Novel Anatomy part 2: Holy Creative characters Batman!   Leave a comment

I felt like writing this after  a conversation last night. I was lying on my bed, it was about five in the morning and I was chatting with a friend who lives in Europe. She was the first person to finish my book Sex, Drugs and Jerk Chickenand I was eager to hear what she thought about it.

I was curious because what i’ve realized with writing is that, when you create a universe, people will take inferences from things you didn’t even realize were there. They will find tidbits and character motivations that somewhat mirror their lives, they’ll be searching for and analyzing data that (even though you wrote it) feels new and strange to you when they explain it back to you.

A big part of getting creative is doing stuff that’s a little out there in the first place.

Now, my book is a multi-character narrative following three different guys with different personalities. There is Tony, Winston and Bishop. Most novels don’t have multiple character narratives and with good reason. Layering the nuanced perspectives of different people takes time, a very dynamic understanding of your own writing skill or messages that can’t be contained through the lens of one individual.

So, as i lay there, picking my friend’s brain about the book, I noticed that many of the things I tried to portray through the characters translated well in the text. For example, Tony is a very handsome guy who seems to be floating through D.C, hooking up with girls without (seemingly) having much perspective. His personality is reflected heavily through the scenarios he finds himself in, and the way he deals with people through conversation. This is way he is best portrayed, a savvy conversationalist. On this blog and others, i’ve spent quite a bit of time writing actual conversations, and I found that fortunately for me, I can write reasonably good dialogue. I’m not sure how good, but I know my book has tons of dialogue, and so far no one has been complaining about sappy speeches and terrible grammar.

The point is, for this character his essence are held in these situations and they are heavily dependent on two things:

1. How believable these scenarios are

2. How believable the conversation is

Now, I wasn’t thinking about this at all as I wrote the book (I mean, who would?) but now looking back, these are aspects of the development that I think might be quite important.

I was pleased with a few things my friend told me. Firstly, she said my book had a “very believable situations involving people from different cultures.” My personal experience in D.C was quite multicultural, but to me that was normal, so I didn’t think about it as I was writing. In the book there are Asian-Americans, Anglo-Americans, African-Americans, Ex-patriots  Caribbean people and more. Since i’ve personally lived in Japan and the States (and i’m always hanging with mixed groups), I guess that reflects naturally in my writing and i didn’t realize how much it would add to this “world” I created in Sex, Drugs and Jerk Chicken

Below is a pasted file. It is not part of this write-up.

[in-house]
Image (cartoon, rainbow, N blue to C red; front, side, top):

My friend also mentioned that my writing was “tactful” because there are several sexual scenarios in the book that could make certain people blush. She explained that it was interesting to read about these sexual situations with varied descriptions and words. It gave it a different feeling, she said. She laughed and told me she had to look up the word “coitus” (which is a fancy schmancy was of saying ‘sex’). I’m not sure if my writing was tactful, but it certainly wasn’t erotica.

Bishop, the unhappy trust fund kid, also came off mostly the way I wanted him to. Through his character, I wanted to show that sometimes when you lose faith, you can become darker and more jaded. This is what happens to his character progressively throughout the book. It also seems that most people are rallying behind Winston, who is the most tortured character in the book. The more I heard her explain what she felt, the more I realized that the essence of what I wanted to get across was working.

This makes me feel that the function of the book at the very least, will serve a purpose. I’ve had only three people read it completely, but the reviews have all mirrored quite interestingly and these are different kinds of readers.

I’m just thinking out loud here, writing what comes to my head.

cheers

   

Posted June 29, 2013 by marcusbird in Uncategorized

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